Divorces can be hard on everyone involved. Children may have an especially difficult time with understanding and accepting the new changes in their lives.
Still, kids can also be surprisingly resilient. If you take measures to minimize the strain on your children during the divorce process, especially when making custody arrangements, everyone can return to a more normal life much more easily.
Compromise Can Be Key
Of course, there are some things you will not know at the outset of the divorce process. But things that will not change, such as your unconditional love, your commitment to staying involved in your child's life, and your availability as someone to talk to should be continually communicated.
In many divorces, child custody is a hotly contested issue; after all, each parent usually wants as much time as possible with the children. Even so, you should strive to come to some kind of agreement with your former partner about how to handle the children's living arrangements as quickly as possible, as children benefit from regaining a sense of stability early on.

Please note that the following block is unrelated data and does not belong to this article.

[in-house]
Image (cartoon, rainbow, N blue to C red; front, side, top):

As soon as you become aware of future custody arrangements, you should explain them to your child. If you cannot find some middle ground, a court will decide on a custody plan. However, court proceedings take time. Additionally, judges have a limited ability to gain insight into your life and the lives of your children; as parents, you and your former partner are in a better position to decide what is truly best for your kids.
Never use children as leverage in property division. The only concern in a custody dispute should be the kids, and disagreements about other areas of the divorce should be dealt with separately.
A Working Relationship
After the conclusion of the divorce, try to maintain at least a civil relationship with your ex-spouse for the sake of your children: at a minimum, do no lay blame on or speak negatively about your child's other parent in front of him or her.
Divorce is a big challenge, but by being reassuring, following a few guidelines, and keeping focused on what is important, you can make the transition easier on your kids.